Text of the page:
You may be thinking to yourself that none of this applies to you, but this is not true. We are commonly required to transfer the copyright to the publisher, and this has implications for individuals, our institutions, and scholarly publishing at large.

When we publish our works in academic journals, edited volumes and books produced by commercial publishers, and even non-profit scholarly societies, we often don’t receive financial compensation because our priority isn’t on profiting. Our priority isn’t necessarily on profiting from our written works, instead, we are motivated to share the results of our research with others in the community. But when transferring the copyright to our works, we are often limiting who can read our works when they are placed behind a paywall by the publisher. Individuals also will find themselves losing the right to reuse parts of their own works in future projects unless they get explicit permission from the new copyright holders.

Giving up the copyright to your works also influences our institutions and libraries. Publishers take advantage of their newfound exclusive rights to distribute your works by charging readers for access. Academic research is typically unique and can’t be easily substituted by other works which makes it difficult for libraries to limit journal purchasing. The top five commercial journal publishers can account for up to 50-70% of publications, depending on the discipline, and because they don’t have to pay authors for the copyright, they have profit margins ranging from 28-38.9%. It’s a lucrative business and it's hurting library budgets. In 2016, Canadian university libraries spent $260,000,000 on journal subscriptions alone. These titles get more expensive each year, increasing faster than inflation and making it difficult for libraries to collect the resources people need.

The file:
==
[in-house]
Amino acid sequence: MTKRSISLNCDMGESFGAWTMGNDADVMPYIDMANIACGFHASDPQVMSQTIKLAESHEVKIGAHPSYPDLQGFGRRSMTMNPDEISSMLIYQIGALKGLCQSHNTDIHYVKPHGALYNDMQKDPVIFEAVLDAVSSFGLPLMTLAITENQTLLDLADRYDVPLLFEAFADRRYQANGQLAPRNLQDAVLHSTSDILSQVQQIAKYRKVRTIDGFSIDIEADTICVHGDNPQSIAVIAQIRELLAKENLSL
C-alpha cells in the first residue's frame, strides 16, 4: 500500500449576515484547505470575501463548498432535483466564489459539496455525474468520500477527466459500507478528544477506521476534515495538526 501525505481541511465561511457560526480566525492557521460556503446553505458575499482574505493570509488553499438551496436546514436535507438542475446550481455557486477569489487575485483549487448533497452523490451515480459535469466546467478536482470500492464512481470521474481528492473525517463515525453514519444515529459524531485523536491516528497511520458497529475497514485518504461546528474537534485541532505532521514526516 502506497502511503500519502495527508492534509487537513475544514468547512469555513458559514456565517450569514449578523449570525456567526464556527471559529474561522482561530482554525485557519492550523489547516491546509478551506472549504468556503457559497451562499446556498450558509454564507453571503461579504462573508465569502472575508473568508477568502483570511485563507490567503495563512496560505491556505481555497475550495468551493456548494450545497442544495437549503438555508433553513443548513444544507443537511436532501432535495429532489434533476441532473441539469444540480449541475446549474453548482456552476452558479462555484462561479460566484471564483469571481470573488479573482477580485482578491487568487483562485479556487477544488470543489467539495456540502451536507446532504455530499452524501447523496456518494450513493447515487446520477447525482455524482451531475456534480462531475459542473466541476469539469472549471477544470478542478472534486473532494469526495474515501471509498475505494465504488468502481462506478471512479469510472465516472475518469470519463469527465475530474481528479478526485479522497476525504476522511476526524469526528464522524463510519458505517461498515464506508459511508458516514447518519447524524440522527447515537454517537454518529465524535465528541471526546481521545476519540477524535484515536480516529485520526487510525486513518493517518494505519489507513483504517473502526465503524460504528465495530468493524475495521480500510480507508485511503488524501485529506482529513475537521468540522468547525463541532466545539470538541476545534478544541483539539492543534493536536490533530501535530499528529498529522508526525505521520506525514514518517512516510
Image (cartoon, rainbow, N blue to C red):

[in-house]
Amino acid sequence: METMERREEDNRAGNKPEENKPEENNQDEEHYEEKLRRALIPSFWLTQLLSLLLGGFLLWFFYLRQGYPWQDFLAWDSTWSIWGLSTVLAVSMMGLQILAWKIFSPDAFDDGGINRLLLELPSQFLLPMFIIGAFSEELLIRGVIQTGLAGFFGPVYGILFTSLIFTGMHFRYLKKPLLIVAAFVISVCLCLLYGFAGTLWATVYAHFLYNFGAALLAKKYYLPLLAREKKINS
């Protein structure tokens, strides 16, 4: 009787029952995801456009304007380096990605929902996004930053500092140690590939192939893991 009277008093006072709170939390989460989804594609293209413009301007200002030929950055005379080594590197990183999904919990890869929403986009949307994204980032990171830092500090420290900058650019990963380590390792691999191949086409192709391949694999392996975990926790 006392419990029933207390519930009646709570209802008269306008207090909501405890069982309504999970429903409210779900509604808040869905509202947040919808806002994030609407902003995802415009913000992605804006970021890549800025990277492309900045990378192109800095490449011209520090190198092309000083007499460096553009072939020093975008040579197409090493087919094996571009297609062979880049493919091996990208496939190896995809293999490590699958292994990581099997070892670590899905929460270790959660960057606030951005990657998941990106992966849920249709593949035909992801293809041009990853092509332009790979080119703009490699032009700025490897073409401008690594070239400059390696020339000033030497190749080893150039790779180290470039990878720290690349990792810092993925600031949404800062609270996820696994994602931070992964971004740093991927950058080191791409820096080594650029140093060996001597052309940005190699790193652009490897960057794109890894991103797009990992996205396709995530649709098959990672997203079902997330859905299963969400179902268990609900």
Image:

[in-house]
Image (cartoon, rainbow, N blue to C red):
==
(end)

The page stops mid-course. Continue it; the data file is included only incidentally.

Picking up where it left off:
All is not lost, however, and we can learn a lesson from Taylor Swift by giving extra value and attention to the copyright that we so easily give away. Here are some easy things that you can do to take back control (and something that an academic librarian can help you with):
  1. Publish in Gold Open Access journals
    Journals that make their articles free for all to read and share are Gold Open Access. These types of journals also allow authors to retain the copyright to their works, and license the articles under a Creative Commons license, allowing for easy sharing. 

    Most of these journals are free to publish in, but some do make authors pay an "article publication fee". Check to see if the Library offers a discount on the publication fee first, and then consider other alternatives such as self-archiving.
  2. Self-archive a copy of your work in an institutional repository